TRACHEAL GAS INSUFFLATION - PATIENT INTERFACE SYSTEM

Award Information
Agency:
Department of Health and Human Services
Branch
n/a
Amount:
$100,035.00
Award Year:
2004
Program:
SBIR
Phase:
Phase I
Contract:
1R43HL076898-01
Award Id:
70961
Agency Tracking Number:
HL076898
Solicitation Year:
n/a
Solicitation Topic Code:
n/a
Solicitation Number:
n/a
Small Business Information
ALVEOLI MEDICAL, LLC, 14337 CYPRESS HILL DR, STE105, CHESTERFIELD, MO, 63017
Hubzone Owned:
N
Minority Owned:
N
Woman Owned:
N
Duns:
n/a
Principal Investigator:
ROBERT VIRAG
(314) 308-7775
RVIRAG@ALVEOLIMEDICAL.COM
Business Contact:
ROBERT VIRAG
(314) 308-7775
RVIRAG@ALVEOLIMEDICAL.COM
Research Institution:
n/a
Abstract
DESCRIPTION (provided by applicant): The benefits of Tracheal Gas Insufflation (TGI) as an adjunct to mechanical ventilation are well known. 1 TGI reduces dead space and CO2 rebreathing in mechanically ventilated patients, thereby reducing PaCO2 with no change in minute ventilation, or maintaining PaCO2 with 10-20% reductions in minute ventilation.2 These improvements in ventilation efficiency are beneficial in avoiding or reducing the volutrauma associated with Acute Respiratory Distress Syndrome (ARDS). 3 Unfortunately, therapists are reluctant to adopt TGI as a conventional lung protection strategy. Reluctance to adopt TGI as a routine protocol is due primarily to the complexity and confusion surrounding its safe use, and to the lack of a simple and reliable patient interface.4 This study will define the feasibility of an integrated and easy-to-use patient interface system designed to improve the safety, ergonomics, compliance, ease of use, and costs associated with TGI. A simple add-on circuit will be designed to flush exhaled CO2 from the dead-space of conventional breathing circuits and thereby reduce the risk of morbidity typically associated with the misuse of complex self-made devices in clinical settings. Prototypes of the integrated TGI patient interface circuit will be designed, fabricated, and tested for performance and potential injury using a novel lung and trachea simulator. Design improvements will address issues identified by the FDA CDRH Anesthesiology Guidance Panel, December 1998.5 Safety features will include 1) a means to prevent over pressurization and barotrauma, 2) a simple means to provide heated and humidified flush gas, and 3) a means to safely integrate the multitude of pneumotachometer conduits, sensors, insufflations catheter, and gas humidifier with the patient breathing circuit and tracheal tube in an ergonomically effective package. Input requirements will be identified before the initiation of system design. Bench studies with the novel lung and tracheal model will verify design compliance to the input requirements and potentially reduce the number of future animal and human clinical studies needed to validate compliance to these requirements. This Phase I work will help justify a Phase II IDE clinical protocol with IRB approval for human-use clinical studies in the future. Development of this advanced TGI system will potentially lead to routine clinical use to help reduce or prevent the lung injury associated with mechanical ventilation and ARDS.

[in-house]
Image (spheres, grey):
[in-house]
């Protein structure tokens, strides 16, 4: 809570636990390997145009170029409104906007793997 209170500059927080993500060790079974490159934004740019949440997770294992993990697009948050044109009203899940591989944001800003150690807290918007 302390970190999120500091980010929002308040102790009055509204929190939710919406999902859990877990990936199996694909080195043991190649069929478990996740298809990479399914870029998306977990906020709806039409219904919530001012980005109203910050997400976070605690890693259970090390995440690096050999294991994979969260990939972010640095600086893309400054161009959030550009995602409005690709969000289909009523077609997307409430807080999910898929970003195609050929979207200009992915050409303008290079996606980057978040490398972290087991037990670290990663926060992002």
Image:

* information listed above is at the time of submission.

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